The Power of Purpose
For Steve Collis, CEO of AmerisourceBergen, moving toward a purpose-driven culture helped align employees behind what might well have been a tricky transition for the company, which has been working toward combining its specialty pharmaceutical and wholesale businesses. “Our purpose is honoring our responsibility to create healthier futures,” he explained. “That’s a very powerful message in the company and one that I think our teams are responding to.”
Having defined values can serve as a touchstone for employees of companies navigating transformation, noted several business leaders. Faced with ramping up from 3,000 people to about 16,000 in 10 years, Gulfstream Aerospace invested two years in developing leadership and technical training programs geared toward maintaining the culture that had helped to drive the company’s success during the ramp-up process.
“We were worried we were going to lose that customer intimacy culture that we had spent 40 years building,” explained Mark Burns, president. “The training taught people how they should behave day to day interacting with each other, as well as with the customer. It was so successful for the manager-level-and-above employees that we rolled it out to every employee.”
Respecting and rewarding employee initiative also goes a long way toward getting employees onboard with transformative strategies. “Nobody wants to be told what
to do everyday,” noted Tom Quinlan III, who says empowering employees helped him lead R.R. Donnelley through a reorganization that broke the company into three separate public entities, one of them LSC Communications, which he now helms. “Personally, I wanted to work in an organization where I get up in the morning, come in and make a difference—and I think we created that. If we hadn’t, I don’t think we would have gone on.”
“ “Our purpose is honoring our responsibility to create healthier futures. “That’s a very powerful message in the company and one that I think our teams are responding to.”
Bridging Generation Gaps
A culture viewed as outmoded and rigid can be a hindrance for established companies seeking to hire young, technically skilled workers. Alan Masarek, CEO of Vonage, pointed out an often-faced dilemma: the very companies that most need to attract young talent to transform face an uphill battle because they’re viewed as dated and out of touch.
Tasked with shifting Vonage’s focus from residential communications to business communications in pursuit of growth, Masarek found it difficult to attract new talent to replace employees who were ill-equipped for the journey. “We’re based in New Jersey, not viewed as particularly innovative and have a hierarchical top-down management—all things millennials hate,” he noted. “We’ve been trying to make the company a destination workplace, and doing it in the midst of a transformation, which is interesting because, when you go through a transformation you get hammered on social media on sites like Glassdoor.”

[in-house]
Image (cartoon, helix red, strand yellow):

Creating growth and development programs helped, as did taking a bigger role in the hiring process. “I started signing off on every new hire,” he reported. “A lot of people from the old world of Vonage don’t know what ‘great’ looks like, and that’s a problem if they’re going to be hiring for the next generation.”
Like UPS and Vonage, AdvanSix CEO Erin Kane also needs to jump-start talent development at the resins and chemical company she’s been leading since it spun out of Honeywell in 2016. “I’m blessed with the privilege to celebrate employees with 30-plus-year anniversaries, but I also recognize that I need to bring the next generation workforce into the organization. We will face significant retirements in the years to come,” she said. “If you go into one of our plants, they’ll tell you it takes three to five years to train an A operator, who then may be ready to become a frontline supervisor in seven to 10 years. But I don’t have 10 years to train my next workforce for the future.”
In addition to the need to speed up the development process, Kane is focused on employee engagement among her workforce, approximately 55 percent of which is union-represented employees. “As a leadership team, we are focused on building a culture that is performance driven and employee centered. With the spin we asked ourselves, ‘How do we enable a culture that will inspire 110 percent performance from those who we need to come to work enabled and connected to what we need to safely achieve, day in and out?’” The answer is a work in progress and built on a foundational principle of continuous improvement. For example, Kane started by simplifying legacy operating systems, principles and behaviors to be “fit for purpose,” and is working toward instilling them at AdvanSix.
Defining values that employees can align themselves behind was a common theme among CEOs who shared their transformational journeys, noted Ted Bililies, managing director of AlixPartners. “Providing a set of behaviors or values, making that blueprint simple enough that it could be put on the back of a card and having financial and non-financial rewards for that seems like a very big theme,” he said. “Being consistent in your values and the way you behave and over-communicating those principles and values gives employees a kind of North Star that keeps companies steady.”
Ultimately, responsibility for not only adopting values but ensuring that they become part of a company’s DNA falls to the CEO, added Fred Hassan, managing director at Warburg Pincus. “A culture really is the reflection of senior leadership, it’s really the CEO and the top management team,” he said. “If they truly develop a culture of expecting the best and giving your best and role model that themselves, it’s amazing how much productivity gets unleashed and how a company can change and evolve.”